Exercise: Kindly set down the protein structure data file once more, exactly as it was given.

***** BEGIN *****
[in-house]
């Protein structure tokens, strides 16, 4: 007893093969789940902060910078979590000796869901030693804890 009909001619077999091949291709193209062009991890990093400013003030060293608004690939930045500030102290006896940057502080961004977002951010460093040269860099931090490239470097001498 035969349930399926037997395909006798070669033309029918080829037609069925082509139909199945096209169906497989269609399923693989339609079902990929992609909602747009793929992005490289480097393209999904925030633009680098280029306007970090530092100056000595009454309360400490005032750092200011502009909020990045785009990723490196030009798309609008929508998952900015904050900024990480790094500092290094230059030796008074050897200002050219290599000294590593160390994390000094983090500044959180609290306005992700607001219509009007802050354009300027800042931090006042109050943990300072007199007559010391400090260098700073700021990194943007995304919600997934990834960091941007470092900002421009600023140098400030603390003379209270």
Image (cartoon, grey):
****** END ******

[in-house]
């Protein structure tokens, strides 16, 4: 007893093969789940902060910078979590000796869901030693804890 009909001619077999091949291709193209062009991890990093400013003030060293608004690939930045500030102290006896940057502080961004977002951010460093040269860099931090490239470097001498 035969349930399926037997395909006798070669033309029918080829037609069925082509139909199945096209169906497989269609399923693989339609079902990929992609909602747009793929992005490289480097393209999904925030633009680098280029306007970090530092100056000595009454309360400490005032750092200011502009909020990045785009990723490196030009798309609008929508998952900015904050900024990480790094500092290094230059030796008074050897200002050219290599000294590593160390994390000094983090500044959180609290306005992700607001219509009007802050354009300027800042931090006042109050943990300072007199007559010391400090260098700073700021990194943007995304919600997934990834960091941007470092900002421009600023140098400030603390003379209270």
Image (cartoon, grey):